21 Thermal-mechanical Studying
Changing temperature implant performances: ΔT= + 20°C and -20°C

22 Thermal-mechanical Studying
Changing temperature implant performances: ΔT= + 20°C and -20°C

23 Thermal-mechanical Studying
Bruxism Conditions: Clenching load & grinding force

24 Outline Introduction 3D FEM Modelling mandibular bone
FGMs (Functionally Graded Materials) endosseous dental implant Mechanical loading conditions occlusive loading bruxism loading FGMs composition’s parametric studying Thermal-mechanical Studying & Bruxism conditions Conclusions and future developments

25 Conclusions and future developments
So far m = 2 composition withstands the highest von Mises and first principal stresses in all the implants, with temperature reduction of 20°C In progress On the basis of provided experimental data (K. NISHIGAWA School of Dentistry, Tokushima, Japan ) the bruxism behaviour is in progress Future works Would be desirable to carry-out fatigue analysis for the implant-bone bond The residual stresses due to the technological processes can neglect the hosting oral changing temperature effect?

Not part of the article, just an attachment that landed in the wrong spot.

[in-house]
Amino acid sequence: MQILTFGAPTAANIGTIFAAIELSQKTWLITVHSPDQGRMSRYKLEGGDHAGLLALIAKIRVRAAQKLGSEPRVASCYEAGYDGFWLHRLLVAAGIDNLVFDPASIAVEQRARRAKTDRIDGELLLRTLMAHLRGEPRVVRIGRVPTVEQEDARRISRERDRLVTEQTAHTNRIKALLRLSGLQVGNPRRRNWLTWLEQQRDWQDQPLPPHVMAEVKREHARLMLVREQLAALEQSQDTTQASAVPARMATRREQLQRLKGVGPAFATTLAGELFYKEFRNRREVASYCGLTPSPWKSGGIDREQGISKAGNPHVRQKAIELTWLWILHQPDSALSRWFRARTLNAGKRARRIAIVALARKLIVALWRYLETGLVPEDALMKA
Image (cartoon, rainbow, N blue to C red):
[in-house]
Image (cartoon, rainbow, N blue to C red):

26 Acknowledgment Dr. WANG Fang, PhD. Institute of High Performance Computing Singapore, External Advisor Prof. Estevam Barbosa de Las Casas, Universidade Federal de Minas Gerais, Belo Horizonte, BRASIL Prof. K. Nishigawa, School of Dentistry, Tokushima, Japan Prof. F. Lobbezoo, Department of Oral function, Academic Centre for Dentistry Amsterdam (ACTA), Amsterdam, The Netherlands Are gratefully acknowledged for their assistance and contributions Prof. Roberto Contro, Prof. of Biomechanics, Politecnico di Milano, Italy Prof. Pasquale Vena, Assoc. of Biomechanics, Politecnico di Milano, Italy Dr. Dario Gastaldi, PhD. of Material Engineering, Politecnico di Milano, Italy Are also acknowledged for their kind assistance and useful discussions

27 Thank you!